My Brother Died Of An Overdose, And This What I Want People To Know

by Courtney Corcoran
A man's shadow on the asphalt

Last week, I got the call I’ve been simultaneously dreading and anticipating for more than two decades. My brother was found dead of a heroin overdose. He was 44. He died alone in his car outside a 7-11 in Colorado. I say “died” instead of “passed away.”

“Passed away” brings forth the vision of a tableau — peaceful moving from one phase of life into the next, slipping away into sunshine, clean and fragrant as a warm breeze. One does not simply pass away during a heroin overdose. It is a death no one deserves, a lonely and violent disruption of a life that should’ve been different.

My brother and I were not close as adults, and my feelings toward him were complicated, vacillating from intense love to anger to bitterness. I watched helplessly as the boy who was so full of life that he filled a room with brightness and personality turned into a man who was a captive to addiction, first to alcohol and then to cocaine and heroin.

At the time of his death, I hadn’t spoken to him in nearly three years, in large part because I didn’t know how to get ahold of him and for also self-preservation. But he consumed my thoughts with such force that it often pressed tears out of my eyes. How does a person with such potential fall so low? How did my brother, who had every advantage, end up homeless, at times incarcerated, and addicted to drugs? How did I escape the same fate? After all, we have the genetics of siblings. We grew up in the same home with the same alcoholic father, who abandoned us as teens. I have such guilt that it isn’t me, succumbed to his fate. What right do I have to live a life free of such things in a suburban bubble? How did I get lucky and he did not?

When we were kids, we played in our neighborhood, pretending to be superheroes and football stars and Masters of the Universe. We helped each other cross the treacherous creek in the woods at the end of our neighborhood, never once letting the other fall into the perilous depths rushing beneath the log bridge. I once made him wear a dress and pretend to be Laura Ingalls to my Mary during my Little House on the Prairie obsession. He cried — he didn’t want to be a boy in a dress — but he went along with it for me. A favorite game was pulling either end of my Stretch Armstrong doll, just waiting for the other to let go, sending the one who waited too long tumbling head over feet across the grass. He was an excellent athlete, good-looking, and collected friends as easily as giant snowflakes falling from the sky. Everyone fell under his spell.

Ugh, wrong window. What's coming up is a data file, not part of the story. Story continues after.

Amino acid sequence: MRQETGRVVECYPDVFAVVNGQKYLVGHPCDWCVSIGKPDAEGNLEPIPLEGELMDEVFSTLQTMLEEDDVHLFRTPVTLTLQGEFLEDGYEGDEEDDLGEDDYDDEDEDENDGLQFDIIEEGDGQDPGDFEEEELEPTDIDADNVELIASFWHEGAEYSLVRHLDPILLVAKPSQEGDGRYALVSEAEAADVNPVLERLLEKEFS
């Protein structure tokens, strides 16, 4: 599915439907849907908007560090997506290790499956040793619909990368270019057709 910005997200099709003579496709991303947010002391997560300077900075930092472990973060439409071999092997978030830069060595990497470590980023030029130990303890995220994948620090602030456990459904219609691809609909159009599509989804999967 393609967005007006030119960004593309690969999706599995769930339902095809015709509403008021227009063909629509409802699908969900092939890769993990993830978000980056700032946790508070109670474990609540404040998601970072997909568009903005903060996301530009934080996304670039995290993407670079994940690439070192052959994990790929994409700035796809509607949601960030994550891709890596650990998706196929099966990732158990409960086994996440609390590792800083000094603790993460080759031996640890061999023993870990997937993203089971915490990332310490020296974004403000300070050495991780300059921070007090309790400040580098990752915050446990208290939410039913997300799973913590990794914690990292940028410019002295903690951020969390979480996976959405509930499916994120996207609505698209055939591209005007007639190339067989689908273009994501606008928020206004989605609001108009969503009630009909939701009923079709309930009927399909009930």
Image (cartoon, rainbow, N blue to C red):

A story my mother told everyone who would listen — almost as a mantra to prove to herself that her drug-addicted son could overcome all his demons — was the time when he walked forward, tugging my Pop by the hand, at a Billy Graham convention to accept the Lord into his life. “He walked forward at Billy Graham,” she said. “He walked forward.” As the years went on, her voice sometimes faltered during this story, but she remained steadfast in her support and belief that he would hear and remember and return to being that earnest boy proclaiming his faith in front of thousands.

At the lowest moments, I screamed at him just to stop. Just don’t call the drug dealer. Just don’t jab that needle into yourself. Just. Don’t. I saw it as a choice he was making, not as the all-consuming need that I now understand addiction to be. Society will see his death as just another criminal junkie gone, and good riddance. They don’t know that he was a son loved fiercely by a mother. That he made such an impression on people that they remember him 25 years after high school and seek me out to ask how he is and tell me stories of what he got up to as a kid. That the impact of his choices affected all of them, too. That he was a talented chef who once cooked for former president Barack Obama when he was chosen to cater the DNC National Convention in Denver. That when he was clean he made an indelible stamp on the world and on the hearts of everyone he touched. That he loved dogs and the wide open sky of the west. That “criminal junkie” did not define all of who he was.

And yet that part of him defined how everyone around him behaved. We loved and feared and pitied and cursed him. Breath caught in our throats every time the phone rang, waiting for news of him, good or bad. He spent as much time in rehab as he did incarcerated, and always went back, finding and using the drugs that must have, for poached moments, given him relief from the inner turmoil that ruled him and his behavior.

His death devastates me in a way I did not anticipate. I expected, when this call inevitably came, that I would react with tight-lipped stoic resignation and carry on. Instead, I curl up and weep for the loss of his life. For the loss of his talent, charisma, and my own hope that he would someday recover. May you rest in peace, my brother.